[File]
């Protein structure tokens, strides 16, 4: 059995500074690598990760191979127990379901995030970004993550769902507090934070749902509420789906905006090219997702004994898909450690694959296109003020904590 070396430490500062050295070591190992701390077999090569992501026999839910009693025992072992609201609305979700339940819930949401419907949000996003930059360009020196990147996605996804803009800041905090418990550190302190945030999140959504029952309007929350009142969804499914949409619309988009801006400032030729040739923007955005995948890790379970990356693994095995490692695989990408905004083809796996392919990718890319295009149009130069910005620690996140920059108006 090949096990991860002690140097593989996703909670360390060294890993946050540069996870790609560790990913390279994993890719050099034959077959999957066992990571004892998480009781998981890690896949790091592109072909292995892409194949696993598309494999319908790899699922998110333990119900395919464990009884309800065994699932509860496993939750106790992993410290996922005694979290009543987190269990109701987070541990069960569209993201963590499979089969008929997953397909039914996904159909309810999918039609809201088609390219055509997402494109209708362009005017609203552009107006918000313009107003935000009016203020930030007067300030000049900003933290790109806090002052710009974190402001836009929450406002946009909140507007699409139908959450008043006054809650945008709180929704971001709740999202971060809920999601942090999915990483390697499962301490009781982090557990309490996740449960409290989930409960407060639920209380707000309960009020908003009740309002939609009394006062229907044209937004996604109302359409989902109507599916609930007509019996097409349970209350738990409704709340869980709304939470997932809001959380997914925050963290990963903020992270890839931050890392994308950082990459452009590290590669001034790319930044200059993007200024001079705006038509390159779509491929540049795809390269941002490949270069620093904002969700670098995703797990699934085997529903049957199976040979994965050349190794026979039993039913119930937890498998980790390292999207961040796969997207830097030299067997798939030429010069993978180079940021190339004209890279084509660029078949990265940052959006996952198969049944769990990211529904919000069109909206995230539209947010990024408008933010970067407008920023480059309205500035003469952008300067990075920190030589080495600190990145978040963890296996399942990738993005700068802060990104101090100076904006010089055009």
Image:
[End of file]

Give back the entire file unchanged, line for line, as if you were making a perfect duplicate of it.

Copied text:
């Protein structure tokens, strides 16, 4: 059995500074690598990760191979127990379901995030970004993550769902507090934070749902509420789906905006090219997702004994898909450690694959296109003020904590 070396430490500062050295070591190992701390077999090569992501026999839910009693025992072992609201609305979700339940819930949401419907949000996003930059360009020196990147996605996804803009800041905090418990550190302190945030999140959504029952309007929350009142969804499914949409619309988009801006400032030729040739923007955005995948890790379970990356693994095995490692695989990408905004083809796996392919990718890319295009149009130069910005620690996140920059108006 090949096990991860002690140097593989996703909670360390060294890993946050540069996870790609560790990913390279994993890719050099034959077959999957066992990571004892998480009781998981890690896949790091592109072909292995892409194949696993598309494999319908790899699922998110333990119900395919464990009884309800065994699932509860496993939750106790992993410290996922005694979290009543987190269990109701987070541990069960569209993201963590499979089969008929997953397909039914996904159909309810999918039609809201088609390219055509997402494109209708362009005017609203552009107006918000313009107003935000009016203020930030007067300030000049900003933290790109806090002052710009974190402001836009929450406002946009909140507007699409139908959450008043006054809650945008709180929704971001709740999202971060809920999601942090999915990483390697499962301490009781982090557990309490996740449960409290989930409960407060639920209380707000309960009020908003009740309002939609009394006062229907044209937004996604109302359409989902109507599916609930007509019996097409349970209350738990409704709340869980709304939470997932809001959380997914925050963290990963903020992270890839931050890392994308950082990459452009590290590669001034790319930044200059993007200024001079705006038509390159779509491929540049795809390269941002490949270069620093904002969700670098995703797990699934085997529903049957199976040979994965050349190794026979039993039913119930937890498998980790390292999207961040796969997207830097030299067997798939030429010069993978180079940021190339004209890279084509660029078949990265940052959006996952198969049944769990990211529904919000069109909206995230539209947010990024408008933010970067407008920023480059309205500035003469952008300067990075920190030589080495600190990145978040963890296996399942990738993005700068802060990104101090100076904006010089055009």
Image: